The success of the Maas Group Western Youth League was clear to see this year but it could still be some time before we see a similar model for senior sides as well.
The topic of merging Group 11 and Group 10 competitions is being spoken about again on the back of the NSWRL's One State NSWRL Strategic Plan, released at the end of September, that combined Western premiership looks a step closer.
The NSWRL and CRL merged at the end of the 2019 season in a bid to streamline the administration of the game.
The One State NSWRL Strategic Plan is the new board's first step forward for NSW as a whole, with six clear objectives outlined for the future.
One of those is the restructure of the state into six zones which preserve historical structures but create more efficient competition possibilities.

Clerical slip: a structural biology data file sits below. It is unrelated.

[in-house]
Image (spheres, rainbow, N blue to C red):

There's no specifics surrounding changes to any Group competitions in 2021 and Group 10 chairman Linore Zamparini said the initial amalgamation between NSWRL and CRL came with an agreement that no changes to boundaries would happen for two years, meaning alterations won't happen until 2022 at the earliest.
Zamparini added he's keen to again lead Group 10 into 2021, but said it wouldn't surprise him to see some changes to the Western Rams region - the largest in NSW right now.
"I think they'll be looking to change some of the boundaries up. There might be a move in Group 10 and 11," he said.
"(The one state plan) is looking at the future and looking at a blue print for us to work to in 2022.
"The youth league looked like a success, definitely. And they may (push for it in senior grades too) but it'll come down to the clubs and what they want to do, and how many teams are needed for any of these competitions."
Zamparini said any changes will have to be carefully thought through, with Lithgow to Nyngan a four-and-a-half hour trip one way.
He cited the Rams' recent struggles in the President's Cup, the Western side nominated didn't win a game, as one of the other concerns about operating such a large region.